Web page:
Scientists from Google and its health-tech subsidiary Verily have discovered a new way to assess a person’s risk of heart disease using machine learning. By analyzing scans of the back of a patient’s eye, the company’s software is able to accurately deduce data, including an individual’s age, blood pressure, and whether or not they smoke.

This can then be used to predict their risk of suffering a major cardiac event — such as a heart attack — with roughly the same accuracy as current leading methods. The algorithm potentially makes it quicker and easier for doctors to analyze a patient’s cardiovascular risk, as it doesn’t require a blood test.

But, the method will need to be tested more thoroughly before it can be used in a clinical setting. A paper describing the work was published today in the Nature journal Biomedical Engineering, although the research was also shared before peer review last September.

Luke Oakden-Rayner, a medical researcher at the University of Adelaide who specializes in machine learning analysis, told The Verge that the work was solid, and shows how AI can help improve existing diagnostic tools. “They’re taking data that’s been captured for one clinical reason and getting more out of it than we currently do,” said Oakden-Rayner.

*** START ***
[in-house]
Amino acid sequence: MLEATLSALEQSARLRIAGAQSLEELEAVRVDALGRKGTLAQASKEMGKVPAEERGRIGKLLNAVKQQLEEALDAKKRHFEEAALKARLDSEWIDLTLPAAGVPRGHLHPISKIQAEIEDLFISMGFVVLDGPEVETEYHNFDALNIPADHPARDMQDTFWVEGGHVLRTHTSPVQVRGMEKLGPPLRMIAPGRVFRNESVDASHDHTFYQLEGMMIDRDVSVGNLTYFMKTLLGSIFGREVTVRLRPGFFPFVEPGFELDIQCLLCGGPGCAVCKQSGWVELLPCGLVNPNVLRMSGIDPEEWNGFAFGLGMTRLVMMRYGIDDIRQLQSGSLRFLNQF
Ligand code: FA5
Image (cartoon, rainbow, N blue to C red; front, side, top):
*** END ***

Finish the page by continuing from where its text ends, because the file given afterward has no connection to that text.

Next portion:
“Rather than replacing doctors, it’s trying to extend what we can actually do.” To train the algorithm, Google and Verily’s scientists used machine learning to analyze a medical dataset of nearly 300,000 patients. This information included eye scans as well as general medical data. Read more from…

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